The outer walls of the temple building is also intricately carved with idols of elephants and horses, flowers, scenes from Ramayana and Mahabharata, different incarnations of Vishnu, and various other motifs. Each of the gopura has ‘Makara pranala’ or a channel for water and other liquids used for pooja to flow out of the shrines. Some of the statues even have the names of their sculptors – chief one being Mallithamma followed by Masanathamma, Bhameya, Chameya and many more.

Beluru and Halebidu are said to have similar and grander Hoysala architecture. A must on the list after this.

Daily offerings and prayers happened in this temple for about 43 years after it was constructed. The Brahmins in the surrounding agraharas were very devout and made sure that the temple activities happened without any hindrance.

Now the story of destruction. Malik Kafur was Alauddin Khilji’s trusted slave and a eunuch in all senses. Destroying Hindu and Jain temples was like an entertainment for him. By Khilji’s orders he plundered and destroyed lots of temples in South India. In 1811, he raided the Chennakeshava temple. The weird way he chose to destroy the temples was to disfigure each of the idols. He knew that none of the temples would keep disfigured idols and the worship will stop. That is what exactly happened. After his raids, the worship and prayers in this temple stopped and never resumed till date.

If you look the main idols in the three sanctum sanctorums, you can see either a toe of the idol destroyed, one of the fingers or nose disfigured. The destruction is really subtle. You need to observe very carefully to spot it. Enough to stop the worship, without spending any energy in mass destruction! Once in the temple, I really felt rising hatred towards the people who took the trouble to patiently do such subtle destruction, just so that the temple was no longer functional. Wish they had more religious tolerance. I cannot comprehend how can you destroy something when you can’t make anything close to it. Could Khilji and his eunuch have been more villainous? Our pages of history have so many of such negative characters but I wish they had let alone all these monuments which were the result of the hard work of so many artisans and sculptors that too in an era where there was absolutely no technology to make things easier.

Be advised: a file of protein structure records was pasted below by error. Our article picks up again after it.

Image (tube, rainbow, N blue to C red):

I sat on the cloister watching the temple which was in ruins in some ways. I wish the stones could speak, they might have stories of so many generations to tell, from the time the first stone was laid to the Malik Kafur set foot on this holy premises.

Then there were school kids out on picnic who watched in amazement as their teacher explained them the history and architecture of the temple. The temple was a pretty picture on a bright sunny day.

Outside the temple gate, there are well manicured and well kept lawns.

There are a couple of shops selling refreshments and souvenirs outside the temple premises. A few minutes if you walk towards the village and fields along the muddy lane outside the temple, you reach the banks of river Kaveri or Cauvery. None of the tourists expect the river to be flowing this close, so I couldn’t find anyone and it was completely deserted. Thankfully still plastic free because of it! The whole village offered a postcard worthy view with its lush green fields, flowing river and mountains in the backdrop. Even the ride to Somnathpur was through beautiful lush green fields. It is about 135 kms from Bengaluru via Mandya. The whole route was postcard worthy, one that would soothe any restless soul!


With mixed feelings I bid adieu to this grandeur of the Hoysala kingdom, with a silent prayer to God to send no more Khiljis!!